Vladimir Ovcharenko, a Russian contemporary art gallery pioneer who runs the online auction house Vladey, has bought the crumbling former studio of the 19th century artist Isaak Levitan with obligations to restore it and plans to turn it into an art space.
The studio, where the artist lived, is a 440 m. sq. annex of a pre-revolutionary mansion in the Ivanovskaya Gorka neighborhood of central Moscow, which has now become a focus of both conservationists and developers. It was last used nearly a decade ago by the Russian Academy of Arts.
Ovcharenko came into the picture unexpectedly, after seeing the artist Egor Koshelov’s Facebook post drawing attention to the studio’s fate. It has been an expensive endeavour—Ovcharenko won a state tender for the building with a bid of just over 61m rubles (around USD$808,000) or around 73m rubles (around USD$967,000) with VAT, beating powerful competitors. Now he must restore it within seven years and is currently looking at options, including one based on a never completed 1960s Soviet project. Total costs will be at least another 150m rubles (nearly USD$2m), with both his business capital and loans funding the project.
“It was an honest competition,” he tells The Art Newspaper. “The one who bids the most is chosen. We had some competitors, but we were able to win, and we are delighted by this. I think our auction experience helped us make the right bid.”
Ovcharenko, who describes the result as a “win-win” situation, says he has a specific goal, not a strategic plan. He created one of Moscow’s first contemporary art galleries in 1990 and says his business has fared remarkably well after the initial shock of Covid-19, launching online auctions. Unlike Moscow museums, commercial galleries were not shut down in the most recent museum lockdown that began in November.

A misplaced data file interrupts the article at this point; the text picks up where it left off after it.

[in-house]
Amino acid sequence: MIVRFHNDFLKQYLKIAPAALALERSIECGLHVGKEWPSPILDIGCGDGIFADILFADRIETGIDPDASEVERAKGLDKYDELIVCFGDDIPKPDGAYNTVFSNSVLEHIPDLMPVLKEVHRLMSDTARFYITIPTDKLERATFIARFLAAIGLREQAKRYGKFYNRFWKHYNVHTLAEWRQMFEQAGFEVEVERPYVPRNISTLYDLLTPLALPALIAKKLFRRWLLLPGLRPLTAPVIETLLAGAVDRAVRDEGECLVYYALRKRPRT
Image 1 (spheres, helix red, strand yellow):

“I’m used to taking action,” he says. “It wasn’t a strategy to engage in development or to buy up all the studios of famous artists.” Levitan, a master of landscapes, was a member of the Peredvizhniki (Wanderers or Itinerants) group of progressive realist artists, and is revered in Russia to this day. “When you end up there, you feel that spirit of art still there,” despite the studio’s decrepit state. “The architecture, the location, the history, are all conducive to art living there.” Ovcharenko plans for exhibitions to begin there in the summer, after hooking up electricity and heat, although full restoration will take much longer.
He hopes that the investment in the space will pay off, through “having an additional effect on the art market” and attracting a new audience.
“Levitan was important for his day,” Ovcharenko says. “We will continue with artists who are important for today, so the spirit of contemporary art will remain there.”